Since news of lead-poisoned drinking water in Flint, Michigan emerged in 2015, the water sector has kept it top of mind. A growing body of evidence suggests that what seemed like an isolated incident of mismanagement is relevant to water utilities across North America.
The State of Michigan has been a leader in establishing requirements for utilities facing this issue. It has enacted legislation mandating lead testing protocols and even implemented a requirement for municipal systems to identify and plan for the replacement of all lead service lines in the state. Facing similar challenges, Canada can learn a lot from Michigan’s experience.
One key factor in tackling the issue of lead in drinking water that can save organizations time and money is correct identification of existing lead service lines. The machine learning techniques used to predict Flint’s lead service line numbers and locations saved tens of millions of dollars and reduced the public health risk. The same methods have similar application opportunities elsewhere.
Although Canada restricted the use of lead in water pipes in 1975, there are still plausibly over 500,000 lead service lines in the country’s water supply, according to testimony before a 2017 federal parliamentary committee.
Lead exposure is a serious public health concern, especially for children. The Canadian government lowered the acceptable threshold for lead in drinking water from 0.01 mg/L to 0.005 mg/L in 2019, and most pediatricians (including an expert that testified before the 2017 parliamentary committee) say that there is no safe level of lead for children.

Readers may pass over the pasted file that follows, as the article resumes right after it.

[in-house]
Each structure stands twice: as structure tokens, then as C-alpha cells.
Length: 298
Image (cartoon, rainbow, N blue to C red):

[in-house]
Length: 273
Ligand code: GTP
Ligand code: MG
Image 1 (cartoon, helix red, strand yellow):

Replacing service lines is expensive, and another problem looms: utilities often do not know how many lead pipes there are or where they are located.
As Canadian utilities work to meet new lead regulations and respond to increased public awareness of lead in drinking water systems, looking at the lessons learned from Flint will help Canadian utilities get ahead of the game, improve water safety in their communities, and potentially save millions of dollars.
There is no nationwide inventory of lead service lines, and even water utilities themselves may not know which lines are likely to contain lead. Incomplete, outdated, or simply nonexistent records can make the issue of where to look for these lead lines, or even how many exist, formidable.
University of Michigan researchers developed a machine learning model that uses utility and parcel-level data to develop a more accurate service line inventory and calculate the probability that a given service is connected with a lead line. Parcel level data points that were informative in Flint included land value, year the home was built, nearest fire hydrant type, and historic service line records. As pipes are dug up and more data is accumulated, the model updates accordingly and yields more accurate results.
This model was used during the Flint, Michigan water crisis to prioritize high risk areas for service line replacement. Flint’s water service line records were largely unreliable, meaning the City could not say how many lead pipes existed, nor where they were.
Flint’s original estimate for the proportion of lead service lines was 10-20 per cent, but after following the researchers’ advice to visually verify pipe materials at a representative set of homes, that number jumped to approximately 50 per cent. Now, four years and 20,000 excavations later, the true proportion of lead water lines is over 48 per cent, bolstering the accuracy of the predictive model.
Flint began using the predictive model to guide replacements in September 2016, yielding a hit rate of about 80 per cent. Despite these impressive results, a consulting firm that took over the replacement effort in 2018 ignored the model.
During 2018, they performed 10,000 digs and replaced only 1,500 lead pipes (a hit rate of 15 per cent). This quadrupled the City’s cost per successful replacement. A U.S. federal court mandate ultimately required the City to use the model again. As a result, the hit rate has steadily increased since early 2019 and is now close to 70 per cent.
Tim Kruse, eRIS product manager for Eramosa Engineering, James Reyes, the vice president of global sales and marketing at Aquatic Informatics, and Ian Robinson, the managing director at BlueConduit. Read the full article in the May/June 2020 issue of Water Canada.